‘For these parents [who strongly demand for antibiotics], we usually comply with their wishes because they have many ways to solve it, such as a complaint against the doctor, or the purchase of antibiotics from other places’ [Paediatrician 1].
‘For instance, when consumers cannot get the antibiotics they really wanted, some of them will think that you intentionally refuse their requirements and become very angry. Moreover, they will not trust you no matter how you explain to them, and they will blame you like ‘Such a poor pharmacy!’’ [Licensed pharmacist 4].
Maintaining good relationships with patients
Public mistrust in CHIs and retail pharmacies made it imperative that providers build good relationships with parents. Such parents were described as ‘familiar parents’ and familiarity, and the good relationships it fostered, could counter broader public distrust of CHIs and retail pharmacies. These providers indicated that their ARB differed depending on their relationship with the parent, for example, being more likely to provide familiar patients with antibiotics.
‘For our community health station, I am not familiar with other medical institutions, I will prescribe antibiotics to the returning patients who have previously had infused antibiotics at this station. For the new patients, I will be more prudent in using antibiotics because I am afraid of some emergency accidents’ [GP 6].
‘Well, they [consumers] should provide prescriptions if you don’t know them. For consumers who are familiar with you, they can get any drugs they wanted. To be honest, if I am familiar with you, I will try my best, such as asking help from other people who also work at the retail pharmacies, to provide the drugs you wanted to you’ [Pharmacy staff 1].
For these groups of providers, maintaining good relationships with patients had an economic dimension. For GPs, prescribing antibiotics for children was seen to encourage parents’ re-consultation which, in turn, was essential for the CHI’s survival and therefore for their own livelihood. Pharmacy-based providers noted that selling OTC antibiotics was related to maintaining the pharmacy’s income and making a profit. No paediatricians discussed economic concerns as influencing their behavior.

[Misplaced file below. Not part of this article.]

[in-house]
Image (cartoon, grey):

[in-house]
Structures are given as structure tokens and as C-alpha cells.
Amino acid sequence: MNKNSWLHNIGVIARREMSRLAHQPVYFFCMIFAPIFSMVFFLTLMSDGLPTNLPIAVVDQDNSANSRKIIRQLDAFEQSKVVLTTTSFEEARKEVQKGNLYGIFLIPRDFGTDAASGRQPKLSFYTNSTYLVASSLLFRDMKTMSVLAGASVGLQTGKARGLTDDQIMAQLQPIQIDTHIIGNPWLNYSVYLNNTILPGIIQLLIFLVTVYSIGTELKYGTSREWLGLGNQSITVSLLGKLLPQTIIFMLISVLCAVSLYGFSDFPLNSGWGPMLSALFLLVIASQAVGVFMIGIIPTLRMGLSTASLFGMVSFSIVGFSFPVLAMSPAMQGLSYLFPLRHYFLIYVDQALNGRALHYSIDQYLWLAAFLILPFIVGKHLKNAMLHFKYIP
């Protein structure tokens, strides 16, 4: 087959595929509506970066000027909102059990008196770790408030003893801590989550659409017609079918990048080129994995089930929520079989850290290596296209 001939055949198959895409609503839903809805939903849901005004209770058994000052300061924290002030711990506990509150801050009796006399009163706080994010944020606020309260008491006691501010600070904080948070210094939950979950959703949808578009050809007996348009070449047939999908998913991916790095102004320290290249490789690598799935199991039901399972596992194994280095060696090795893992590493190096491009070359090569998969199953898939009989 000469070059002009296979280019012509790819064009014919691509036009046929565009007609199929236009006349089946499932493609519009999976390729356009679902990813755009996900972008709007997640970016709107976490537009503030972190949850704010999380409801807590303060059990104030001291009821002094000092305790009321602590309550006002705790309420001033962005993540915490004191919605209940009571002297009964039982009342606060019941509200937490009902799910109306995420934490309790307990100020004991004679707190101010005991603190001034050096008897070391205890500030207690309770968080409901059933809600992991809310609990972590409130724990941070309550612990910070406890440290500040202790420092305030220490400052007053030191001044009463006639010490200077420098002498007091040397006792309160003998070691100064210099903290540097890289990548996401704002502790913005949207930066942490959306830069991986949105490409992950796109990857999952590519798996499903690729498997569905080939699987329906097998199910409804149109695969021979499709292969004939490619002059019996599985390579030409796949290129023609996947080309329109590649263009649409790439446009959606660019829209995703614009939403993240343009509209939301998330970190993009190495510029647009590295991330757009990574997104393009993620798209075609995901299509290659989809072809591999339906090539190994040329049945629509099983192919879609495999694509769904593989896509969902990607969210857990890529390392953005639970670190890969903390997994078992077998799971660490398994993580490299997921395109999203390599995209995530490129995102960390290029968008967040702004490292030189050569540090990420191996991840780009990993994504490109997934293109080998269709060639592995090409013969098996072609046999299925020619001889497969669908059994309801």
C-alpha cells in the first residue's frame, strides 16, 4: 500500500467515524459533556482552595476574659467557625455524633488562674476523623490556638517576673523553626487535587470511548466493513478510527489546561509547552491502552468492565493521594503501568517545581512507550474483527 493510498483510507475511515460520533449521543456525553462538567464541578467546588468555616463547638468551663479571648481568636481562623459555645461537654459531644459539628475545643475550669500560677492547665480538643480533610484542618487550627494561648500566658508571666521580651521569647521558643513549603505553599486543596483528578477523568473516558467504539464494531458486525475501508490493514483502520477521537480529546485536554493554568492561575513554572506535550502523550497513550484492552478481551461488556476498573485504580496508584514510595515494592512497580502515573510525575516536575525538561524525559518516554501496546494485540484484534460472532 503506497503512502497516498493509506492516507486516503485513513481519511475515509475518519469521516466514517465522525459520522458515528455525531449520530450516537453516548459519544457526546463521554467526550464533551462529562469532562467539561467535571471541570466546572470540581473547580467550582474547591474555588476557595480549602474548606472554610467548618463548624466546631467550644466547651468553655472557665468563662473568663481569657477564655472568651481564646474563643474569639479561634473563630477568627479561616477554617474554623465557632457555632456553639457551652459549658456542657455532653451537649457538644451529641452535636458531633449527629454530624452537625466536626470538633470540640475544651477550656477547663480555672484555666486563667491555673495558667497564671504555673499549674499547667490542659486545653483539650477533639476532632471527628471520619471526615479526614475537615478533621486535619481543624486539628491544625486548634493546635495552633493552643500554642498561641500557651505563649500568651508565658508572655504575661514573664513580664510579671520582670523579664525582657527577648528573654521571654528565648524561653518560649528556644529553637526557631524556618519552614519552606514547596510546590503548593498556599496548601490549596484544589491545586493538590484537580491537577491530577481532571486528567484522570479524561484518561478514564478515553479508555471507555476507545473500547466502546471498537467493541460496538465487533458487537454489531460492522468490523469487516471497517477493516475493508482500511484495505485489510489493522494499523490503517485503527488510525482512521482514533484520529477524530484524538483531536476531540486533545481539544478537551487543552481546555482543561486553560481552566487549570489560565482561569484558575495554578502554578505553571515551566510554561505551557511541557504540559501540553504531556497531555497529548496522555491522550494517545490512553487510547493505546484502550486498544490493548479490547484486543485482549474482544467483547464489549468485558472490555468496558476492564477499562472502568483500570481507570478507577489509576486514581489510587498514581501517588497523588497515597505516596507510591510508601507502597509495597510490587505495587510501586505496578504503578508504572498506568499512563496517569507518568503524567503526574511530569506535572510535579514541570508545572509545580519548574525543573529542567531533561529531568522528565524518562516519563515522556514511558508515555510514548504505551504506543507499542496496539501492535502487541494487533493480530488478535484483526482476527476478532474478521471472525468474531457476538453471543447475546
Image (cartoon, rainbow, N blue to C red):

‘For the GPs in the community health institutions, one of the main characteristics of them [GPs] is that you must control patients’ symptoms, and then patients will come back to your clinic when they become ill again.... if no patients come again, you will not be able to survive’ [GP 6].
‘They [consumers] can get over-the-counter antibiotics from other places even though we refused their requirement. So how can we deal with this problem?... Anyway, if you firmly refuse their requirements, they can get them from other retail pharmacies...’ [Licensed pharmacist 4].
While the value of qualitative studies is increasingly recognized [17,18], few have been undertaken in China. To our knowledge, ours is the first city-based study of providers’ perceptions of influences on their ARB. Because qualitative studies are characterized by rich data from small samples [36-38], authors’ interpretations play a particularly important role . Our team included a female researcher familiar with Chinese culture and two UK researchers (male and female) from different disciplinary backgrounds. We relied on personal contacts to gain entry to study sites; because Chinese codes of conduct place primacy on personal networks, 'familiarity' facilitates fieldwork , including access and participant trust . In contrast, methods which rely on interviews conducted by strangers risk low response rates and social desirability bias [41,42].
Our study highlighted the importance of parental influences. Firstly, providers recognized that parents interpret disease and treatment through TCM. While not noted in other China-based qualitative studies [23,24], the importance of public understandings of TCM and Western medicine in symptom-interpretation and treatment preferences has been reported in studies in China and of other Chinese populations [43-46].